In this type of marketplace, it is becoming more and more common to hear the phrase, "I need a job." A large number of those professionals are in need of a position for financial reasons, however there are plenty of sales professionals who are financially secure but are in desperate need for a job due to the lack of challenge and the insatiable hunger for something new. As sales professionals, we are addicted to the win and are driven by the ability to drive our own destiny. Therefore, when some of these talented individuals find themselves with out a professional purpose, they start to go a little stir crazy. I recently placed a senior executive and before landing his new position, he told me that he had worked without a break in jobs since 1975. He thought he would love the freedom of not working but he discovered that he missed the action of the sale and working in a fast paced environment. He did not necessarily need the financial currency but he certainly craved the intellectual currency. After all, when you are out of work there is only so much "Regis and Kelly" to watch.
As a job seeker that is desperately seeking for a job, it is important that your interview style and answers don't scream, "I NEED A JOB!!" at an interviewer. The reason this neediness is a huge turnoff to prospective employers is because it leads them to believe that you will only take the job due to the need, not due to your want. This will lead them to believe that you will not perform to the highest standards in the role in addition to the fact that they assume you will leave their job as soon as you find something better. Think about it: as a salesperson we have been in situations where we have a deal in our pipeline that is so huge, it will literally make our year. You're at the end of the process and the name is all but signed on the bottom line when you start to get emotionally attached. Your desire for this deal is so apparent that not only can your whole team tell, so can your client. At the end of the process, you are so desperate for the deal to close. Unfortunately, when that happens, you typically lose the sale due to the fact that you were so focused on closing the deal that you weren't focused on the subtleties that would have kept the deal moving forward. It is very similar to the interview process of a job. Sometimes your desperation can translate to the hiring manager and create a sense of need for the position and negate the sense of desire you may have for performing the job to the best of your abilities.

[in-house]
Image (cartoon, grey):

Therefore, no matter what the nature of your need for a job is (be it for financial, professional or mental reasons) you need to focus on the interview process and the things you need to do to ensure that things progress. Any sign of desperation will turn your interviewer off and may cause you to lose an opportunity. Focus on your answers and the questions you need to ask. You are a professional salesperson who knows how to fight through ups and downs. So breathe and believe: you are going to get that job!